Google has reportedly decided to lift a ban on political ads put in place after the Jan. 6 siege at the U.S. Capitol.
The platform will resume accepting all political ads starting Wednesday, Axios first reported.
“We will continue to rigorously enforce our ads policies, which strictly prohibit demonstrably false information that could significantly undermine trust in elections or the democratic process,” a Google spokesperson told The Hill.
Google activated a limited version of its “sensitive events” policy Jan. 13 in the wake of the mob attack at the Capitol, Axios reported.
The ban blocked advertisers from ads “referencing candidates, the election, its outcome, the upcoming presidential inauguration, the ongoing presidential impeachment process, violence at the U.S. Capitol, or future planned protests on these topics,” according to an email sent to ad buyers last month, Axios reported.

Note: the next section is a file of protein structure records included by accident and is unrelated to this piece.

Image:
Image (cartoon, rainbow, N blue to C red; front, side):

Political advertisers will have to use the search giant’s self-service appeals tool to have their existing ads re-reviewed and listed, according to an email from Google, The Hill reported.
According to Axios, Google and Facebook are the two biggest digital platforms for political ads and their bans over the past few months have meant more advertisers have shifted dollars to other digital platforms, like smart TVs.
Facebook has yet to lift the political advertising ban that it implemented ahead of the election, The Hill noted.
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